Diesel, one of the examples in your question, has been an Italian clothing brand for decades. It's also the name of a couple of bands, couple of films, a game engine, a surname and the name of a military operation in 2009.
Tornado, another one of your examples, is a community in West Virginia, the name of many amusement rides, the name of Zorro's horse, the name of multiple films, songs and games, the name of a clothing retailer, a Python webserver, a HTC phone, a couple of sports clubs and multiple military weaponsystems.
According to the United States Patent and Trademark Office (USPTO):
A trademark can be any word, phrase, symbol, design, or a combination of these things that identifies your goods or services. It’s how customers recognize you in the marketplace and distinguish you from your competitors.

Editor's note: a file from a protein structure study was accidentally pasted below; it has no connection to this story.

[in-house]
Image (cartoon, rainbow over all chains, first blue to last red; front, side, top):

You become a trademark owner as soon as you start using your trademark with your goods or services. You establish rights in your trademark by using it, but those rights are limited, and they only apply to the geographic area in which you’re providing your goods or services. If you want stronger, nationwide rights, you’ll need to apply to register your trademark with us.
If you're referring to a Diesel t-shirt, customers will recognize it. If you're referring to a Tornado shop in Japan, customers will recognize it.
Can an everyday word be trademarked? Clearly. Whether that has the actual effect that you think a trademark has, is another question.